The mission of the IVO’s Psychology Unit is to detect emotional alterations that may make it more difficult to adapt to the process of the oncological disease, both for the patients and their families.
As such, individual and group actions are proposed in order to address the psychological side-effects that stem from both the diagnosis and the medical treatment.
The unit’s psychologists accompany the oncology patients and their families during the entire course of their illness
Helping cancer patients to normalise their lives
The unit is part of the hospital’s Tumour Committees, where a multidisciplinary team of professionals defines therapeutic strategies tailored to each patient, and carries out their follow-up for the duration of their pathology.
Home Hospitalisation Unit
It also collaborates closely with the Home Hospitalization Unit, offering psychological care to patients with symptomatic-palliative treatments and terminal patients as well as their families, joining the rest of the team of healthcare professionals, so that the patient can have the best possible quality of life.
Special attention is given to patient communication, both with their family and with the professional treating them, facilitating smooth, open and sincere interaction with their immediate environment.
Living with Cancer
Initially, when someone comes to the clinic and mentions their problem, a few individual sessions are devoted to dealing with it. Part of this initial approach is also aimed at reducing the symptoms of anxiety, worry and confusion. The common denominator is the fear of uncertainty, of things not going well or of relapse, in the case of having already overcome the disease.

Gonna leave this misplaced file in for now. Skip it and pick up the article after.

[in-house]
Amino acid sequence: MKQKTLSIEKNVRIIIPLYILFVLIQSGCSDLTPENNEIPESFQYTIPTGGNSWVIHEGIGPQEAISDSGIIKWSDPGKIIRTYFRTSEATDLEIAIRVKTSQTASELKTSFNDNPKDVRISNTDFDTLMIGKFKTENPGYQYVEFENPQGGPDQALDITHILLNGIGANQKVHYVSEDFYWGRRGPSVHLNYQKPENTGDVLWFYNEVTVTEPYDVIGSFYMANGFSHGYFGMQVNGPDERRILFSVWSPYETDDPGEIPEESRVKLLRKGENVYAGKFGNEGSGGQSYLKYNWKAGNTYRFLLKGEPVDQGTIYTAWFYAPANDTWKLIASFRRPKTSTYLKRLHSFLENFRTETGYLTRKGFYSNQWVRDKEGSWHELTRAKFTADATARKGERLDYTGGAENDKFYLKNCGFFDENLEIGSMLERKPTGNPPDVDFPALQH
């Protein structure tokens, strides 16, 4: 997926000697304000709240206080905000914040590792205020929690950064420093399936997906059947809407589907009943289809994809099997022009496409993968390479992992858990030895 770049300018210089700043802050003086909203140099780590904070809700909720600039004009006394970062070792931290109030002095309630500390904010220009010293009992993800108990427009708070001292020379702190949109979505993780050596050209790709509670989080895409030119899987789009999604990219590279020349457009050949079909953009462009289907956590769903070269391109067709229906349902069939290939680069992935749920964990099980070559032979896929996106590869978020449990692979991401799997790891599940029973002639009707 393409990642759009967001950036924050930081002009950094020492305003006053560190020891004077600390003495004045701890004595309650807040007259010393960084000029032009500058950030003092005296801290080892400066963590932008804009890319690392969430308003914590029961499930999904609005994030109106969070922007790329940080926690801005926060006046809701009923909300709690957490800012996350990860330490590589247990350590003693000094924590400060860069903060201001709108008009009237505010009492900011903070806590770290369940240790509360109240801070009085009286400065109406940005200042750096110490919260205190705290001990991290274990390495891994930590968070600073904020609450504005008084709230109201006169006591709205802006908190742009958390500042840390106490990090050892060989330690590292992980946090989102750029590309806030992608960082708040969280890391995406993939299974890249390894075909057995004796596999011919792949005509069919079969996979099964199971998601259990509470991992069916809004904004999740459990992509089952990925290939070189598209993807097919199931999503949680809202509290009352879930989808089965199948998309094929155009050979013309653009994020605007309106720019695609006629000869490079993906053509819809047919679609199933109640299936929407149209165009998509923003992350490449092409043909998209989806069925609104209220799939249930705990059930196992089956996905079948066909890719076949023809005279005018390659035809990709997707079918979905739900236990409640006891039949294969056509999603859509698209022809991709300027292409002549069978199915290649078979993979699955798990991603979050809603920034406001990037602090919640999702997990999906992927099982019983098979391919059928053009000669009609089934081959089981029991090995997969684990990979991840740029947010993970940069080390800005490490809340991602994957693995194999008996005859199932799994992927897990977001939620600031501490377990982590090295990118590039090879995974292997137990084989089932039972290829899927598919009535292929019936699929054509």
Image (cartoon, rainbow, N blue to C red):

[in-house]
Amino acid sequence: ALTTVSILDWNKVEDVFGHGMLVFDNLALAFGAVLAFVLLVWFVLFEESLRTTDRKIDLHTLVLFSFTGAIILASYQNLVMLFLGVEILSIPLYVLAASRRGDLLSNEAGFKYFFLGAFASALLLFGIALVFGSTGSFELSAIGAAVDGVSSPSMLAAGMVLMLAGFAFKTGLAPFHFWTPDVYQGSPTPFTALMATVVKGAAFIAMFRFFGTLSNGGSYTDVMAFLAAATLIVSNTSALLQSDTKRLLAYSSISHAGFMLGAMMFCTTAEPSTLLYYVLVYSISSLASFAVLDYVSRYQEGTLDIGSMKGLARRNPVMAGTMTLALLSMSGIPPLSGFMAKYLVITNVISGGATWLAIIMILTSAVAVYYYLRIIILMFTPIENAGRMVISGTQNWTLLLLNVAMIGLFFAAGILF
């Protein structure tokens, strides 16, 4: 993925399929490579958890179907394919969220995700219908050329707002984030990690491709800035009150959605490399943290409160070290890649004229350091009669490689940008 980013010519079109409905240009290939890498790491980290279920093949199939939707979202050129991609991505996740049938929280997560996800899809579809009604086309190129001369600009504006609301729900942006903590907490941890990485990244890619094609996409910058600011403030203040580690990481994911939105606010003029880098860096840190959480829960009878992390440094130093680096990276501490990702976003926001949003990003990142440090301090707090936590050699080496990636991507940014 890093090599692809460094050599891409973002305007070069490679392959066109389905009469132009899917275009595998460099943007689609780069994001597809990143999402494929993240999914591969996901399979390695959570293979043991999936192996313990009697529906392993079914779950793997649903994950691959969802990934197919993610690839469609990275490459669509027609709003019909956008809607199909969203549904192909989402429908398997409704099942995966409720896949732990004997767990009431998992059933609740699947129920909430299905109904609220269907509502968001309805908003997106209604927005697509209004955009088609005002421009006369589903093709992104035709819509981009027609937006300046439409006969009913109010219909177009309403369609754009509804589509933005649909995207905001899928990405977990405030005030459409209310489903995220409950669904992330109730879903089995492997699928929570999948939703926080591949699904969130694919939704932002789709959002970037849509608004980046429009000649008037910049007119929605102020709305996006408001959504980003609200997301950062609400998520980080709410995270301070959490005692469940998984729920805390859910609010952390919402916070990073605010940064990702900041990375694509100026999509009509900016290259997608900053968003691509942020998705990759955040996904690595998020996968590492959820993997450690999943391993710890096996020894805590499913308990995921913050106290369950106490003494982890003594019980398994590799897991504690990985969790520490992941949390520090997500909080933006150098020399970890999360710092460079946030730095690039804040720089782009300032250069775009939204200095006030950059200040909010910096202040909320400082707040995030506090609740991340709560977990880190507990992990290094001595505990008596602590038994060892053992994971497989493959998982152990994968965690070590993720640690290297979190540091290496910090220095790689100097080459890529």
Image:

Once the person feels more relieved and able to cope with the situation, they are invited to participate in group sessions.
Living in the present without anticipating the future
In these group sessions, we use therapies through which the patient learns to redirect life using his or her own values and strengths. By reviewing the skills and virtues they have grasped up until this point, they learn to live more in the present without anticipating a future that is often considered to be uncertain.
These groups are an opportunity to support each other, reduce feelings of loneliness and learn social and personal skills that will improve the participants’ quality of life.
The Unit also has an outdoor programme in which they practise meditation in movement, body awareness and healthy techniques based on Qigong.
List of Recommendations
Psychology Service Team
María Pilar Llombart Fuertes
Rocío Romero Retes